We at T.I.M.E. , love the transparency that a standard like the IPRS can bring into the system, particularly when the standard makes it mandatory for the b-schools to have their placement reports audited by a third party. As one of the very few education training companies in the world which get their results audited by a third party before going to town with them, we understand the kind of honesty and effort that goes into ensuring the quality of such an audit. We have, hence, as a part of the categorisation exercise, given positive credit to those schools that accept the IPRS and report their placements accordingly.
You can know more about the IPRS at http://www.iimahd.ernet.in/iprs/index.php.(ii) Cut-off score in entrance test
All MBA aspirants aim to get into India's top b-schools while the top b-schools wish to admit the best quality of students. As you see, a symbiotic relationship exists here. The students benefit from the brand and reputation of the b-school and the b-school benefits from the students' achievements – both academic and career-related. Hence, it is only natural for the schools to aspire to select only the best of the students. The quality of students directly impacts the amount of peer learning and hence, the quality of students is a significant measure of the stature of the school.
The cut-off percentile (i.e., the percentile value in the entrance test that the b-school considers for its admissions) is therefore a strong indicator of the quality of the students at a b-school; the higher the cut-off, the better will be the quality of the students at the b-school.
However, there are a few b-schools which accord significant weightage for other parameters like academics and work experience. The number of such schools is very low; also, even at these schools, the entrance test percentile values are significantly higher than some of the schools in the categories immediately below them.(iii) Fee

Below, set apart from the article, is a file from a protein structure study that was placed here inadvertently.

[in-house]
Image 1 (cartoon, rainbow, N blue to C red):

Unlike placements and cut-off, fee is not a straight-forward parameter to work with. We cannot write off a school with a high fee nor can we praise a school for its low fee. Many top 10 schools charge an eye-popping fee of over 16 lakh (all inclusive); at the same time, we have schools in the same category (top 10) charging less than 4 lakh (all inclusive). To a large extent, fee is a function of who's managing the school – government/government-aided/private/private trust, etc. The IIMs, for example, are autonomous institutions which generate their own revenue, via fee and consulting. This explains why their fee is comparatively higher than a school like FMS Delhi, which is under Delhi University and has no revenue responsibilities due to which it can charge a fee of under 1 lakh.
While one should not select a school solely based on its fee, it is true that as the fee goes up, the Return on Investment (RoI) question kicks in. This means that unless a student gets a salary package of a certain value, the investment of fee doesn't make much financial sense. RoI is an increasingly crucial factor as one moves down the b-school categorisation list, particularly for schools beyond the top 50.
For the schools in the top 50, the placement figures justify the fee charged by the colleges in all the cases, unless the students do not perform well on campus during their MBA. It means that even after getting into an MBA programme, one needs to perform at one's best potential to ensure not only better quality of learning but also to guarantee a placement – a high quality one at that.
For schools beyond the top 50, a b-school's capacity to place the students drops (as we move down the list, particularly in the B and Others categories), fee should play a major role in the student's decision to join a school or not.
The added advantage for a student is that it is easier to secure an education loan for study at a top 50 college. For most of the IIMs, banks have special counters on the day of admissions just to process education loans. Most of these loans are collateral-free. As we move outside the top 50 and into the B and the Others categories, not only will getting a loan be increasingly difficult, it may also be provided at a higher interest rate, with a requirement of collateral, etc.